Wrist watches




The first wristwatches hit the market at the end of the 19th century.

As an example you can see a watch from Audemars Frères. (after 1885, nickel silver case, 17-stone full anchor movement, compensation unrest with Breguet hairspring and swan neck fine adjustment, four stones set in chatons, large onion crown, white enamel dial with Arabic numerals and a small second dial, small black pointer, black Breguet pointer).

The similarity to a pocket watch is unmistakable - but they weren't a big seller. But this should change - through war or women?

Pilot watch

The first to need a wristwatch were the aviators, who needed the time for navigation and flight duration. A pocket watch made in the cockpit, e.g. with the fighter pilots of the First World War no sense.

Pocket watch movements were initially used for this purpose. Because of the crown, the 12 points toward the hand. Since the time is awkward to read, wristwatch movements were developed.

Example: Small pocket watch movement installed as a wristwatch. Silver case with metal inner lid, lined back with empty monogram mirror, 15 jewels full lever movement, Swiss made, brass metal dial with applied lined Arabic numerals and minute dots, two Breguet hands, small second dial with brass hand.


The wristwatch also became more popular with the ladies of the house.

Example: Golden ladies' pocket watch reworked into a wristwatch, round, with Arabic numbers and decorative pointers, back cover with floral decorations, cover that can be opened, 1st quarter of the 20th century.

With the tensioning brackets with telescopic strap, jewelry watches and women's pocket watches could be worn like wristwatches. They had the advantage that the 12 on the dial was parallel to the wrist, making it easier to read the time.


In the 40s and 50s of the 20th century, the wristwatch prevailed over the pocket watch.

Example: watch from the company 'Les Fils d'Armand Nicolet, Manufacture des Montres Telda S.à.r.L.' made of Tramelan in the Bernese Jura from approx. 1950, dial with Arabic numerals, 17 jewels, black leather strap, steel case. Day, date and month display.

The watchmaking industry in the French and Swiss Jura has been declared a World Heritage Site by UNESCO.

Accutron 1

Max Hetzel (* 1921 in Basel)

In 1951, the Basel physicist Max Hetzel joined the Bulova Watch Company (New York / Biel) in order to, among other things. to develop a tuning fork watch. The first prototype was available in 1954, and the wristwatch was ready for series production in 1960. Hetzel initially worked in the USA for the Gemini and Apollo programs.

The demonstration movement of the electronic tuning fork clock from Bulova is built into a square brass part. A transistor circuit causes the tuning fork to vibrate (360 Hz) via the electromagnetism of two coils. An indexing pawl on the tuning fork engages a gearwheel with 360 teeth and thus transmits the power to the gear train. This sets the hands in motion. The name Accutron is made up of the English words accuracy and electronic.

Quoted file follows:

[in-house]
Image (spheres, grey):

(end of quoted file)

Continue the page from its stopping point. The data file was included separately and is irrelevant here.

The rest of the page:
Accutron 2

"If we want to send astronauts to the moon and they should come back safe and sound, we need very precise clocks," was the unanimous opinion of NASA. A spring balance oscillates up to 5 times a second, so the tuning fork watch from BULOVA came at just the right time, the tuning forks vibrate at 360 Hz (later 440 Hz). These clocks were built into the Gemini capsules and the lunar lander. The astronauts themselves had Omega watches on their wrists - an Omega Speedmaster - because they did not know how the magnetic fields in space influence the accuracy of the Accutron.

Quartz watch

The quartz watch (1970s)

A quartz watch is a watch whose clock is an oscillating crystal with a standard frequency of 32768 Hz. Halving this frequency 15 times results in a seconds normal that is transmitted electronically or mechanically to a display.

Since electronics are built in, the Hewlett-Packard company developed a clock with a pocket calculator. The computer clock HP-01 was launched on June 1, 1977.

Radio clock

The radio controlled clock

The radio clock is usually a quartz clock, the time of which is synchronized at least once a day with the time signal broadcast by the long-wave transmitter DCF77 in Mainflingen near Frankfurt.

The radio clock was registered for a patent in 1967 by Wolfgang Hilberg from the Telefunken company. The first radio-controlled wristwatches were manufactured by the Junghans company in 1990.

This inexpensive watch from Junghans, brand Eurochron, has a movement made in Japan with the number 615.45-5700 and a CR1220 battery. It has no jewels.

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